by Melissa Waller, DVM
The house carries many dangers for cats – some that may not be obvious at first glance. Cats are much like toddlers; anything they can put into their mouths, they will. Kittens are especially susceptible to this, as they learn by chewing and eating.
The biggest hazard to our cats and pets, in general, are human medications. Many adults are on medications for a variety of reasons, and it is easy to lose these medications on the floor, where animals are the ones to find them.
Cats can and will eat these little pills and they can have bad reactions to them. Keep all medications in containers, and if a pill is dropped, find it as soon as possible. If you think your cat has eaten a pill, bring in a list of medications to your veterinarian, because it is very helpful in determining what type of treatment will be effective.
Some common prescription medications that can cause big problems are blood pressure medications, blood thinners, heart medications, pain medications and diabetic medications.
Over-the-counter drugs are not always safe for pets either – ibuprofen and many pain medications are extremely toxic to cats. These medications can cause severe and irreversible kidney damage, and in small doses can even cause death. The gelcaps are very appealing to cats and they do not have to ingest the whole thing to be in danger. To be safe, do not give any over-the-counter pain medications to your cat. If you think your cat has chewed an ibuprofen tab or capsule, take your cat into your veterinarian’s office straight away so that their kidneys can be checked, and if appropriate, treatment can be started.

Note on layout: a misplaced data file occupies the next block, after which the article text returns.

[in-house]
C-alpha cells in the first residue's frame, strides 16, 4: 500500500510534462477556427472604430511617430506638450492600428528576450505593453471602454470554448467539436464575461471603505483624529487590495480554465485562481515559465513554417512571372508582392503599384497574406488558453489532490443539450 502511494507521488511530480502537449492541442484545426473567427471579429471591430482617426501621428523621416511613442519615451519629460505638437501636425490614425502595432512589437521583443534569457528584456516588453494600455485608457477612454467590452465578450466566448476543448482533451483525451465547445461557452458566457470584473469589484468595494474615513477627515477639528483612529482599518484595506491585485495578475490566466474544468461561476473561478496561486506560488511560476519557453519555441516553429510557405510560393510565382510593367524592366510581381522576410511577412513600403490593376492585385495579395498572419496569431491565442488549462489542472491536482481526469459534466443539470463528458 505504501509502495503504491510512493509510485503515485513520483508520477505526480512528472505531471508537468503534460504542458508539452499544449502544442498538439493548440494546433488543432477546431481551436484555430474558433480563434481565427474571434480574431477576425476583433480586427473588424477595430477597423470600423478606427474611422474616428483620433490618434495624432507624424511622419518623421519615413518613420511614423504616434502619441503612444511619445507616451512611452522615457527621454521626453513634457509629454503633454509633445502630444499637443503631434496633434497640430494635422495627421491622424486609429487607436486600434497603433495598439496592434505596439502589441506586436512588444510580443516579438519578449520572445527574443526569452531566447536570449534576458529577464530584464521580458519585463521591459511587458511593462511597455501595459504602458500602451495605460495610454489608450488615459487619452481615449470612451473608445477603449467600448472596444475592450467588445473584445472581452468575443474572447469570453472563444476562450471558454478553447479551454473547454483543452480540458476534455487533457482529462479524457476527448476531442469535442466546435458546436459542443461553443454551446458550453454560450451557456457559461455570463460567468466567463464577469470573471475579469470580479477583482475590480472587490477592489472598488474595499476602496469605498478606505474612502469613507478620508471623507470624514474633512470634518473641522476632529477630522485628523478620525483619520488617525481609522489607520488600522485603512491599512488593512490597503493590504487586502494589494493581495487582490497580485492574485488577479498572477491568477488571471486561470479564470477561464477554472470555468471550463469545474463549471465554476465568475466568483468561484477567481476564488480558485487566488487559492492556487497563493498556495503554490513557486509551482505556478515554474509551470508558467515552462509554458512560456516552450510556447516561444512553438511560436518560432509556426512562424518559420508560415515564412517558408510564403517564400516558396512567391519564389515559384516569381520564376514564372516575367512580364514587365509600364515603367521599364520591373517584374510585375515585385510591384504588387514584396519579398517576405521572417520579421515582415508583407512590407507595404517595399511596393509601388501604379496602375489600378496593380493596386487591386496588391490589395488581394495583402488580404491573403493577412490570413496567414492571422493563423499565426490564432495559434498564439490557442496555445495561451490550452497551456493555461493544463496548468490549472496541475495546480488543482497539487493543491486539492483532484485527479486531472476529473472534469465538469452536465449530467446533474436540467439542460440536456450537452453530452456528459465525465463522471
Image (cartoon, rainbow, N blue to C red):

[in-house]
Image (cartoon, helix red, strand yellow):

With the recent legislation involving marijuana, there is an increased danger for cats, which can inhale and be affected by the smoke, edibles, etc. There are no approved veterinary formulations of CBD, THC or hemp, and no safe doses found for our pets yet.
Some signs you might see if your cat is experiencing marijuana toxicosis include wobbliness, disorientation and vocalness. Some cats will lose control of their bladders. The more silent and more dangerous effects of marijuana intoxication in cats are heart rate and blood pressure changes – something your veterinarian will need to evaluate.
Being upfront with your veterinarian about what your cat or other pet may have been able to get into is the best way to get the correct treatment started right away. Be honest with us – our concern is making sure your animal gets the correct treatment and nothing else!